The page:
Who Cares?

Dawna Cornelissen

Since issues and concerns that are important to unmarried women are often marginalized by legislators, it is no surprise that Congress recessed last month without fixing the birth control crisis.

Sometimes I wonder: Do any of my elected officials really care what I think? Sure, I can write or call, but every time I write or call, I hear about his/her conservative values and that he/she does "not support the use of abortion." One of the most frustrating feelings is knowing that the politicians who are supposed to represent me disagree with almost everything I believe.

This could be why unmarried women are not voting in numbers as high as their married counterparts – the issues and concerns that are important to them are marginalized in legislative priorities. Although altogether women vote in higher numbers than men, unmarried women are still underrepresented in voter turnout and seem to be a low priority for campaigning politicians. One reason could be that unmarried women make less money than married couples (assuming two incomes are greater than one) and so are not targeted by politicians because they are seen as unlikely donors.

Enter the birth control crisis. Since issues and concerns that are important to unmarried women are often marginalized by legislators, it is no surprise that Congress recessed last month without fixing the birth control crisis. That's not to say that some legislators did not give fixing the problem a good, honest try – for example Obama (D-IL), Crowley (D-NY) and Lowey (D-NY), who introduced the Prevention Through Affordable Access bill. But in the end, the simple fix that would have corrected the problem got lost somewhere in the goal of passing the omnibus spending bill without a veto threat from President Bush.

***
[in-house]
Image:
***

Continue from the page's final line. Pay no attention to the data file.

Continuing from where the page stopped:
So, what happens now to the millions of unmarried, underrepresented women affected by this birth control crisis? Until Congress reconvenes on January 15, there is not much that can be done – even then, who knows how long it will be until a fix is passed. So, some of us will continue paying triple what we paid last year for birth control, while others will buy condoms and cross their fingers. Let's hope that all of us will register to vote and vow to vote for the candidates who listen to us and value what we have to say.

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